We were just like two kids in a candy store, except the candy store was a room full of guitars, and my longtime friend Dan and I are both a few years distant from the description “kids.”
Otherwise, the simile was accurate in that the two of us were enthralled, hypnotized and totally absorbed as we pressed against the glass cases containing an array of stringed musical instruments on display in the Guitars! Roundup to Rockers exhibit at the Eiteljorg Museum in Indianapolis.
Dan and I were in fact kids when we started our guitar-playing journey nearly 50 years ago. (It is an overwhelming realization even as I write that.) We met 40 years ago and discovered we were musically compatible. We have been playing guitars together since then, our latest configuration being a duo we call The Retro Brothers.
When we read last winter about the exhibit coming in March, it was understood that we would have to attend, although it took us until last week to finally get there. It was worth the wait.
We were accompanied by our understanding wives. They graciously indulged our delight as we moved from guitar to guitar and were tolerant as we hovered for what must have seemed like forever before the red Gibson SG George Harrison played on so many Beatles songs or the Martin acoustic guitar weary from hard traveling and worn down from constant strumming that Woody Guthrie used to write songs that have become part of America’s songbook.
Although it was a weekend and many people were there, it did not feel crowded. Maybe that was because many of us wore iPods issued at the front desk that were loaded with examples of the sounds of the various instruments as well as some commentary.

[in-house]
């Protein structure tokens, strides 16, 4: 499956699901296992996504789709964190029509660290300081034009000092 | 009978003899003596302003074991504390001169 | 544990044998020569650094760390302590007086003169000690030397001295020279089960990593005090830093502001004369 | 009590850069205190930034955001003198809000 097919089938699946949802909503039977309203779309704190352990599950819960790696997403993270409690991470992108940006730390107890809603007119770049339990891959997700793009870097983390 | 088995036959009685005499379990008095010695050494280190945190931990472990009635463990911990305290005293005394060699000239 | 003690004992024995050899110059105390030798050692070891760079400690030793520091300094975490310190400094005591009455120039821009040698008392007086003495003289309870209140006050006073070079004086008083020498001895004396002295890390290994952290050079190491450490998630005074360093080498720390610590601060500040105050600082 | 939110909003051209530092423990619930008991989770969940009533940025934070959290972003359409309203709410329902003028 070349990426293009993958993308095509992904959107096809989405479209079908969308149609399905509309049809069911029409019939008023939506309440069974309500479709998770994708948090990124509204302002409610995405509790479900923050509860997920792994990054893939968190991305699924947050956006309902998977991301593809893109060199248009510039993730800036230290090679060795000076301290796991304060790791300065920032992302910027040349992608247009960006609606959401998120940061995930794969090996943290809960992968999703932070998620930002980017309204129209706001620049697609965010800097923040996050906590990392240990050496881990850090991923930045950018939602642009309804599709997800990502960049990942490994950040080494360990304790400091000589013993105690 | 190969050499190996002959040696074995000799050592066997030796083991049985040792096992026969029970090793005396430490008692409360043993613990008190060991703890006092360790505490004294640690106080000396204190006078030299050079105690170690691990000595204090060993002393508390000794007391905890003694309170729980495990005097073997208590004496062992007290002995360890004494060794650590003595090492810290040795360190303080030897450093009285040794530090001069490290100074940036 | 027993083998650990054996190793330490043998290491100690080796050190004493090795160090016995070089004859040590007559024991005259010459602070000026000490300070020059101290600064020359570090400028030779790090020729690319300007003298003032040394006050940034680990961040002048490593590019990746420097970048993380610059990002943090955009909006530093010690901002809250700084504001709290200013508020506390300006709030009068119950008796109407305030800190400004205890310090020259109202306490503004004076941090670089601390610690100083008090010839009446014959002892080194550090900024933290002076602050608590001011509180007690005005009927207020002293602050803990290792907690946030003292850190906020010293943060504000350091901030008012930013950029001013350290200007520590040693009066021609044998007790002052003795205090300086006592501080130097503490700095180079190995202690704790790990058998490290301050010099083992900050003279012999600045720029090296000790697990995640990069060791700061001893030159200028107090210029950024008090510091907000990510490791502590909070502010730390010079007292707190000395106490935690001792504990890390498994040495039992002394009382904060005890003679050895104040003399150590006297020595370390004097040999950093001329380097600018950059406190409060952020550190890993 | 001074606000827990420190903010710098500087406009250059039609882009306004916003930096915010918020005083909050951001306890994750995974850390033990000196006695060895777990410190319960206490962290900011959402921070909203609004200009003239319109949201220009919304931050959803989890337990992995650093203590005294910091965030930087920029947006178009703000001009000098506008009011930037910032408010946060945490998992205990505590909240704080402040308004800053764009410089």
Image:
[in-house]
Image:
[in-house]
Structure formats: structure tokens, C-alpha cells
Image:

The headphones made for a feeling of isolation and was like touring the rooms with my own personal guide. Wearing the headphones did make conversation between Retro Brother Dan and myself sometimes a bit awkward, but after a couple of warnings from Becky and Helen that we were talking too loud, we remembered to move the headphone away from an ear before we said anything.
As I sailed from one historic musical instrument to another, I found myself a bit awed by the guitars and at the same time observing my reactions to what I was seeing.
What is it about being in the presence of historical objects that creates in me a contemplative and almost reverential feeling? Not just while looking at guitars once played by my musical heroes, but any time I encounter a physical piece of history: the spacesuit worn by Neil Armstrong, say, or the desk Robert Frost sat at while he wrote. Why do such artifacts attract me?
I wonder if it is because they help me sense my place in the sweep of history. Here I am, just inches away from the guitar Hank Williams played in 1950 — a year before I was born — and on which he wrote some of the songs it seems I have always known.
I caught myself thinking about the modern Cult of Celebrity. As much as I like to think I am above such worship, I realize when it comes to modern music, it has its hold on me. Certainly not in a sacrilegious way, but as I stood looking at a sliver of wood from a guitar once smashed by Jimi Hendrix, I was reminded of those Medieval cathedrals which house pieces of the True Cross or some other holy relics.
It is fine to have a favorite guitar player, I guess, but I occasionally have to remind myself not to get too hung up on fame, whether objects or people.
I am so glad we finally made it to Guitars! Roundup to Rockers. It is a fascinating exhibit. It runs until Aug. 4.
I hope all you pickers and strummers, as well as those of you who are interested in the history of an amazing instrument, get a chance to go.
Norman Knight, a retired Clark-Pleasant Middle School teacher, writes this weekly column for the Daily Journal. Send comments to email@example.com.